All posts by Naomi Parkhurst

I call myself a string geek because I like doing a whole range of hand crafts, most of which involve string or yarn: knitting, spinning, sewing, nalbinding, crochet, embroidery, tatting, dyeing, and probably some I'm not even thinking of.

Osprey: a needlework chart for any craft

The random number generator picked Osprey from the suggestions for this post, suggested by Enting and Bookwyrm, two of my Patreon supporters.

I developed a lace stitch pattern for Osprey but I also like to provide a basic chart for any craft that’s worked on a grid: beads, cross stitch, whatever. I try to provide at least some digital art of the pattern repeated all over not as a chart. It doesn’t necessarily look like a finished object for any particular craft, but I want to give a sense of it in use. (I try to make it look like knitting when it’s got floats short enough for easy stranded knitting. This has a float that is a little longer than I’d like, but TECHknitter has a method to tame them.)

Follow link for charts and more information

Osprey: a lace knitting stitch pattern

The first word I drew from the words suggested on Patreon this month is Osprey, suggested by Enting and Bookwyrm, two of my Patreon supporters.

I’ve already made a stitch pattern with the leaf motif that shows up in Osprey; it doesn’t quite match up in terms of the stitch repeat, but Cariad Leaf could be modified to suit, I think. Also, I *think* Osprey and Cariad could maybe work in the same design? I’d have to chart it out to be sure, but it’s worth a try.

Each month, my Patreon backers have the chance to suggest words for me to encode as knitting stitches. I make three of these into knitting stitches each month: the second and third (posted on the first day of the next month) are drawn from the collection of new words; the first is drawn from the collection of unused words. A random number generator helps me choose these, and then I get to work, first turning the letters into numbers, then charting the numbers onto grids in various ways. Finally, when I make the chart into lace, I turn the marked squares into yarnovers and work out where to place the corresponding decreases. (I usually make lace; occasionally I make cables instead.) I also made an Osprey needlework chart for any craft that uses a square grid for designing.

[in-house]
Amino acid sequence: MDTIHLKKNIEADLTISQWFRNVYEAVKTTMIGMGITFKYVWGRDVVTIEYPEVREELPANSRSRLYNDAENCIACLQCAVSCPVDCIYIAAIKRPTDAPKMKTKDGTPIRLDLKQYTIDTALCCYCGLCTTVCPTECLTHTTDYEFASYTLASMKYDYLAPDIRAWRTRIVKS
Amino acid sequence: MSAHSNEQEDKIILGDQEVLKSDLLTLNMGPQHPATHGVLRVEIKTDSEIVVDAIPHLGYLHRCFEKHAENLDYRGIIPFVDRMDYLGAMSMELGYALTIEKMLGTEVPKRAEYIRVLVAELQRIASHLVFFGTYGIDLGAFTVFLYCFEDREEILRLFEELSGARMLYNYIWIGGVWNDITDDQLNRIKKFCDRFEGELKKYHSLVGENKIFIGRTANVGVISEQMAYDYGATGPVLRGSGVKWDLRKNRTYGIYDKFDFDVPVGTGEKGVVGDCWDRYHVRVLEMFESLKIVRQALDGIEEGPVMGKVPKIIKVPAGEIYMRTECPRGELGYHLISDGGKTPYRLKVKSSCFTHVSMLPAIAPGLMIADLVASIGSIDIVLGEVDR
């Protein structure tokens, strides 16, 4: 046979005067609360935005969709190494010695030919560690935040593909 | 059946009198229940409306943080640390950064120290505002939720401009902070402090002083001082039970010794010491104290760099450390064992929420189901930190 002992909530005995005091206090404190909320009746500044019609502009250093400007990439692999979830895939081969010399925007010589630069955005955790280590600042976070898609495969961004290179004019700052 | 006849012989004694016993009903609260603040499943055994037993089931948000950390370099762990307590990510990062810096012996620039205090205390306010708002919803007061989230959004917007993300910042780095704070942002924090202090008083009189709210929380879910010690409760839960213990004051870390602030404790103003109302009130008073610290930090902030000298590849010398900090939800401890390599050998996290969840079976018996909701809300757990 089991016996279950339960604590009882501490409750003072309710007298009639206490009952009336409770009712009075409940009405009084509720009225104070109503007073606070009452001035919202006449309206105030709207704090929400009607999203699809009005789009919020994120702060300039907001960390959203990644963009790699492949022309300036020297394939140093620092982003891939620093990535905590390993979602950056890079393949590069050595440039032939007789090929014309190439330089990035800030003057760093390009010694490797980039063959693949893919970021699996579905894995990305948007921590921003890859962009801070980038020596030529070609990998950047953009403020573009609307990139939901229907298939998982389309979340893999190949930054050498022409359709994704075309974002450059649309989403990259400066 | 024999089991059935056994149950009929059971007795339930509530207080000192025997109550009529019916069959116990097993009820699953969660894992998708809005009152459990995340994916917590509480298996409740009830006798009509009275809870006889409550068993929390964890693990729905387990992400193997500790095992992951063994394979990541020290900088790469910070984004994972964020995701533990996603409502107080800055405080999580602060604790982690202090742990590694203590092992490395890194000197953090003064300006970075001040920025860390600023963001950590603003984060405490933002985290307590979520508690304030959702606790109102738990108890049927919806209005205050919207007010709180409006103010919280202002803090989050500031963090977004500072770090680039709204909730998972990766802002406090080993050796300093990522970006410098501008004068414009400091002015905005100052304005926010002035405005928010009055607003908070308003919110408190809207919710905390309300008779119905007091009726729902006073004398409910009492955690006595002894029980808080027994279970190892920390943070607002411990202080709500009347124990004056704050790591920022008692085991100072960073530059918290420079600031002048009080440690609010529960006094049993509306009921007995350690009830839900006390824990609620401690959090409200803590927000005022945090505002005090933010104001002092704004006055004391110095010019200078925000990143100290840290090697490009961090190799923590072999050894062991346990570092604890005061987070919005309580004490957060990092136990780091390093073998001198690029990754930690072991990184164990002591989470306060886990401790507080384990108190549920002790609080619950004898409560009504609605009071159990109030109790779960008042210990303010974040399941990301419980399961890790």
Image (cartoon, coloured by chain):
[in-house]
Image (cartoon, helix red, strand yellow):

The stitch patterns are not meant in any way to look like the original words; the words are the seeds of my creativity.

Follow link for charts and instructions

Verve: a mosaic knitting chart

A while back, I encoded the word Verve and made it into a lace stitch pattern and a needlework chart. For this week’s post, I reworked a code grid I made while planning that post and turned it into a mosaic knitting stitch pattern. (I used the process described in this post.)

A nice thing about mosaic knitting is that the charts are similar to the final appearance of the knitting, so I’m not going to provide a swatch. Mosaic knitting looks difficult, but it’s not as hard as it looks! Basically, knit two-row stripes, and slip stitches from the row below to make the contrasting pattern.

Here’s a detailed blog post I wrote about how it works.

Follow the link for charts and instructions

Peach: a needlework chart for any craft

The random number generator picked Peach from the suggestions for this post, suggested by Cathy D, one of my Patreon supporters.

I developed a knitted lace stitch pattern for Peach, but I also like to provide a basic chart for any craft that’s worked on a grid: beads, cross stitch, whatever. I try to provide at least some digital art of the pattern repeated all over not as a chart. It doesn’t necessarily look like a finished object for any particular craft, but I want to give a sense of it in use. (I try to make it look like knitting when it’s got floats short enough for easy stranded knitting. Peach has floats that are a little longer than I’d like, but TECHknitter has a method to tame them.)

Follow link for charts and more information

Peach: a lace knitting stitch pattern